Leigh, William

Burslem potter, orphaned at an early age. After attending the Tunstall WM Day School, he started working at a local pottery around 1832. Keen to improve his situation he went to evening classes, was given a job in the office and eventually became Works Manager. His WM upbringing gave him a strong social conscience. In an article in the Staffordshire Sentinel in 1890 Charles Shaw told how Leigh gave his family money for food when they were without bread and also gave Charles himself books that opened the world of literature to him.

Leigh was secretary of the local Building Society and became an alderman of the Burslem town council in 1878. Around 1857 he became a partner with Hancock and Whittingham at the Swan Bank Pottery in Burslem, leaving them in 1862 to become a partner of Frederick Rathbourne Burgess (1832-1895) at the Central Pottery, trading under the name Burgess and Leigh. In 1868 they leased part of the Hill Pottery, on the site of a chapel in which John Wesley had preached in 1760 or 1761. In 1889 the factory moved to the Middleport Pottery, where it continues in business as Burgess, Dorling and Leigh with the trade stamp of Burleigh Ware. In the late 19th and early 20th century it extended into overseas markets, including the USA, Australia, New Zealand, South Africa and Canada.

William's son Edmund Leigh (1854-1924) was educated at the Burslem WM Day School and entered the family business at 14. Following his father's example of hard work and study, he was a major force in the firm's development, opening offices in many countries abroad. Like his father he took a keen interest in national and local politics, becoming a Liberal and a foundation member of the London National Liberal Club and President of the local Liberal groups Associations. He served on the Burslem Borough Council and the Staffordshire County Council and was a JP. His social philosophy, based on his Methodist and family background, was that a country is measured by the way in which its wealth is fairly distributed. He campaigned for better pay and conditions for the pottery workers. and the foundation of the British Pottery Manufacturers' Federation owed a great deal to him. He was influential in building the Wolstanton WM chapel. He held several Methodist offices and was a representative to the 1900 WM Conference, held at Burslem.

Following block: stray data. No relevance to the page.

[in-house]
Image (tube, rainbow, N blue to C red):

• Diane Baker, Potworks: the Industrial Architecture of the Staffordshire Potteries (1991)
  • Julie McKeown, Burleigh (Shepton Beauchamp, 2003)


Entry written by: DHR
Category: Person
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